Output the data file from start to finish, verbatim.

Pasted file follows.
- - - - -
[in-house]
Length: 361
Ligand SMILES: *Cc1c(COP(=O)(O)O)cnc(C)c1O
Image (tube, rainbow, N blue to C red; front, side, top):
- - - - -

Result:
[in-house]
Length: 361
Ligand SMILES: *Cc1c(COP(=O)(O)O)cnc(C)c1O
Image (tube, rainbow, N blue to C red; front, side, top):